3. Essentially, either a) existent circulation or production is traded for further production; or b) a lack of having produced and been rewarded comprises the alternate case, where a promise to pay is justified by being capable of paying.

    So there is never any unnatural or obstructive shortage of circulation. a circulation may dwindle even to zero with no adverse effect whatsoever, because a) mathematically perfected economy™ allows us to immediately convert equity into circulation; or b) wherever we are capable of paying as we consume of the desired property, we can issue our promise to do so through the common foundry, which certifies our credit-worthiness and maintains our accounts, not only of payments and remaining balances, but likewise of accumulated equity, at virtually no cost whatever.

  4. So while the circulation of either monetary system is extinguishable (and the consequence of interest is terminal debt), the volume of circulation in mathematically perfected economy™ naturally remains equivalent at least to the equity or remaining value of existent production; and rises naturally and without cost or impediment as will sustain further industry, just as actual conditions predicate. If a person has earned and can pay outright, they may do so. Yet wherever further trade requires further circulation, we are free to issue certified promises to pay which sustain that industry and trade by the one and only prescription which is sustainable; and we do so by no more than establishing how our industry will sustain our industry — which of course is the only natural requisite of production.

RELATED MATERIAL

“To find the players in all the corruption of the world, ‘Follow the money.’ To find the captains of world corruption, follow the money all the way.”

mike montagne — founder, PEOPLE For Mathematically Perfected Economy™, author/engineer of mathematically perfected economy™ (1979)

© COPYRIGHT 2008, by mike montagne and PEOPLE For Mathematically Perfected Economy™.

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Sunday, January 25th, 2009

What should concern us is who stands in the way of solution, and why.

mike montagne

HOW MATHEMATICALLY PERFECTED ECONOMY™ SHAKES OUT FOR GOLD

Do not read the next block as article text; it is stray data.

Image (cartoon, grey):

This article responds to Larry Larkin’s truly excellent questions in our PFMPE™ Forum. Larry writes in regard to mathematically perfected currency™:

I am still unsure as to whether some gold and silver coins are detrimental in some way to the application of the MPE™, or if it is merely an inconvenience [to issue them]. If it is simply an inconvenience [to issue or coexist with gold or silver coinage], then I request you revisit the issue.

Larry, asking from the disciplined mind of an engineer, regularly focuses relevant discussions on their potential faults or shortcomings, and on the matters which count. You can view or participate in this thread at:

http://www.perfecteconomy.com/f/viewtopic.php?f=22&t=337&p=830#p830

Larry,

Excellent question (as always).

Let’s go over it a different way, and further endeavor to resolve the bounds of the future of gold holdings, should we transition to mathematically perfected economy™. These are the finer points of the several related issues:

Those coins are not at all impermissible items of trade, for they would be things of value themselves; but they are not mathematically perfected currency™; and, by nature, they cannot and would not serve the same objectives/purposes, or be issued on the same principles.

That does not mean they cannot coexist; in fact they can.

But we would be in error to think they could serve all the purposes of mathematically perfected currency™, or even that the value of the coins should be perceived in some permanent way in terms of value as to introduce any factor of stability whatever; and our misunderstandings on these counts (forgetting the limitations and faults of a gold standard) paves the way for forfeiting principles which are vital to sustaining all the industry we are capable of. Particularly then, the intellectual and further danger is that those misunderstandings pave a way of potentially reverting to some at least of the very faults which we now suffer. All they give you on the other hand is an expensive token of value, which in fact itself is not stable.